Posted 11/18/07 4:54:00PM
For many fans, mainstream press coverage of MMA is some kind of validation. Having been looked down upon for years for enjoying such a violent sport, seeing it on Sportscenter makes them think everyone else was just late to the party. Going mainstream is now the biggest straw man out there; it's a debate-shifting tactic more than anything else, and bringing it up assumes that going mainstream is actually an option. The idea that ESPN would one day have an "MMA tonight" and anchors of SportsCenter would discuss it alongside football and basketball as an equal was always a preposterous notion. Take away the two most controversial events at UFC 100, and you still have a blood-soaked mat starting the show, a man who couldn't open his eye and could barely walk after his fight, a vicious one-punch knockout, and a main event comprised of one man headlocking the other and beating his head in. After all this, do we really believe it is Brock Lesnar's antics that will keep this sport from going mainstream?
Posted 6/27/07 10:17:00PM
This is just my opinion, but I definitely don't think the sport is near mainstream just yet. I am sure that most people agree with me, but its hard to deny the flocks of people that watch it for the violence that gives the sport a bad name. I guess I watch it because I am a pretty big Martial Arts fan since I was a kid and watched my first Bruce Lee film. So its upsetting to say that most of the people I rub elbows with at the sports bars I watch the live PPV UFC events are there for opposing reasons than mine.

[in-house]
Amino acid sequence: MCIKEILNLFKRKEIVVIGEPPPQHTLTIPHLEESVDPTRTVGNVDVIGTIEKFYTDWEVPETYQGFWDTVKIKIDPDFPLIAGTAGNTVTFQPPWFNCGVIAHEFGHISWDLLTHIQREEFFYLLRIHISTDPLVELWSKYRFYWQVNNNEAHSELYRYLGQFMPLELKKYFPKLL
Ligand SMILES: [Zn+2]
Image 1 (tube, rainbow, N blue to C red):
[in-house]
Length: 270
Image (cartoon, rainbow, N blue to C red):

The sport will become mainstream when the majority of viewers appreciate the ground game just as much as the striking. Its like asking whether you believe NFL is mainstream if a bunch of people watch it, but have no idea how to score points.
Posted 7/26/07 9:02:00PM
i think the majority already understand the ground game, that is a theme on the mma internets but every time i watch UFC in a sports bar everyone knows what is going on and cheers for takedowns and sub attempts as much or more than a good striking exchange. I dont think the so called "noob" is as widespread as people think.
as for the article, i think it is offbase and theres really no good reason for fans not to want the sport to get bigger. At some point if you're not mainstream then you cant get any more popular.